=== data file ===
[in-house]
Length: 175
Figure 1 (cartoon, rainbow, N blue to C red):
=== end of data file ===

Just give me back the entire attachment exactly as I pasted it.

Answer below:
[in-house]
Length: 175
Figure 1 (cartoon, rainbow, N blue to C red):